Zeldia spannata sp. n. (Nematoda: Cephalobidae) from the Mojave Desert, California
Bumbarger, D. J.
Subbotin, S. A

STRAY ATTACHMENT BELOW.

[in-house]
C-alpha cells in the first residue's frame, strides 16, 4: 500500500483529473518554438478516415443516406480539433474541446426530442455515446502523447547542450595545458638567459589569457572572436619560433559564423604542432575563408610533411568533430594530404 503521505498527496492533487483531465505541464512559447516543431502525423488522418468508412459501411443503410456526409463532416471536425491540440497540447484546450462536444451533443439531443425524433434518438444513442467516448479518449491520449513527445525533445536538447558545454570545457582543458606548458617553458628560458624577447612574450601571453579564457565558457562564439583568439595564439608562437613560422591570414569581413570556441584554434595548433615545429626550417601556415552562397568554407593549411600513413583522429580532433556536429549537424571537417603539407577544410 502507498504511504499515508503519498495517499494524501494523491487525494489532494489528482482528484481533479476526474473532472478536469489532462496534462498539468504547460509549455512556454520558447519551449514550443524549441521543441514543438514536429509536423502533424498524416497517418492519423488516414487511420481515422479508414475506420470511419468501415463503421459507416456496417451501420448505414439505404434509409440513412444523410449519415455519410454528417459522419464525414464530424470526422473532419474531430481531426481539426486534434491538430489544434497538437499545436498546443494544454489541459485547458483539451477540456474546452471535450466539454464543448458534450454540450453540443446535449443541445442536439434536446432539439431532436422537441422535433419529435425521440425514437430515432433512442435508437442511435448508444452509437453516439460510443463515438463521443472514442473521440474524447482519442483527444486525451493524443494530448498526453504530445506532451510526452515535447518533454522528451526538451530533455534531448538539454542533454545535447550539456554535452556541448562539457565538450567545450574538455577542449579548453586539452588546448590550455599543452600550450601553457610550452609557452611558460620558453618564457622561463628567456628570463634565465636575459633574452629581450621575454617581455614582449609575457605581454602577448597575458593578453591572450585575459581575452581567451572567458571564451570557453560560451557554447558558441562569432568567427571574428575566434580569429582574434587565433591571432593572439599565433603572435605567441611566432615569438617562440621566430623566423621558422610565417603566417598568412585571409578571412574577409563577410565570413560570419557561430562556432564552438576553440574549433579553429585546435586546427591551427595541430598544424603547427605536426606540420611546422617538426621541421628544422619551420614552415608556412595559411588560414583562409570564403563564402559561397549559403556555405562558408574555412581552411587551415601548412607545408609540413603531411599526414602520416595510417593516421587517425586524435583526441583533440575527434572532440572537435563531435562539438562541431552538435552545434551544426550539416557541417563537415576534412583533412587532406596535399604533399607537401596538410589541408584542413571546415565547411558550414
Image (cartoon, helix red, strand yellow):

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Zeldia spannata sp. n. is described from the Mojave Desert, California. The new species shares with congeners a single guard process in each primary axil and asymmetrical triangular-shaped lips; it differs from them by the presence of elongate spanner-shaped, deeply bifurcate probolae (vs typically low, rounded and bicornuate). In addition, the new species has five lateral incisures (vs three in most other species of the genus), areolated lateral fields and tessellate cuticle (vs non-tessellate). Unlike some other Zeldia this new species lacks punctations. With respect to the bifurcate probolae, Z.spannata sp. n. resembles Chiloplacus or Stegelleta. Although the new species is reminiscent of some Nothacrobeles with respect to overall asymmetry, triangular shape of the lips, and the presence of tines on lips, maximum parsimony and maximum likelihood analyses of the ITS1, 5.8S and ITS2 of rRNA gene fragments from 13 taxa do not allow resolution of relationships between Zeldia species and several other cephalobid clades. The morphological characters of the new species are the basis for a broader, emended definition of the genus Zeldia, and suggest novel implications for evolution of Cephalobidae.